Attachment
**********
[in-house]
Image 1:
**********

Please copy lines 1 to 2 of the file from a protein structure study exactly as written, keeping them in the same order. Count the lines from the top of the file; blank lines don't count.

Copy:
[in-house]
Image 1: